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The Geography We is a story.
It’s a story told by Caldera youth.
It’s a story that comes to life with voices, imagination, and creativity.
It’s a story of connection to Caldera, school, family, community, and each other.
It’s a story expressed through artwork and the power of the creative process.

The universe is born of fire. Some fires we conjure, some we capture, and some grow wild. Others transform. A forest begins to heal itself after a fire; a once-still volcano erupts with power and beauty; soft, moldable clay becomes a sturdy structure in the heat of a kiln. How do you transform? What sparks you? How are you a part of transformation around you?

The sun is central to all living things on Earth. It is constant.
We each move through life with a spark of sun inside us and our gathered light intensifies when we are together. Like the sun, we are dynamic and powerfully bright.
Where is your brilliance? What is your energy source? How do you respond to flares and outages in your power? How do you shine?

Life is wild, and it is all around us.
Among the animals, we learn to be tender, tough, and creative. Their beauty and diversity inspires us to great works of compassion and art. Wildlife helps us understand our unique position in the world–and to treasure nature everywhere it flourishes, even within ourselves.

The land is a great gift–and a great responsibility.
It has always been our home and our most important resource. Our food, our water and our shelter all come from the earth. Its beauty inspires us–from its soaring, snow-capped mountains and deep blue lakes to its vast plains and rolling green hills. There are new mysteries to discover every day in the ground beneath our feet.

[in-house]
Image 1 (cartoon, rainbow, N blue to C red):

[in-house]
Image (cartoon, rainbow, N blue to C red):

Comparative Anatomy: Animals and Us

Comparative Anatomy: Animals and Us

Brain Anatomy & Drawing with Jeff Leake, Teaching Artist and 2012 & 2015 Artist in Residence, and NW Noggin, Partner Organization

Jeff Leake led in-school residencies at two of Caldera’s Arts Partner schools: Terrebonne Community School and Elton Gregory Middle School in Redmond. Students explored the structures that exist in the brain and how they work. Students examined real brains, both animal and human. They then developed and drew animals they invented with specific adaptations related to their brain structure, how they survive, and their environments. Large-scale group drawings were created with all students’ animals represented as well as the environments in which students chose for the animals to exist.

Students: 98 students at Elton Gregory Middle School and Terrebone Community School.

Location: In-school Residencies at Terrebonne Community School and Elton Gregory Middle School

Year: 2015





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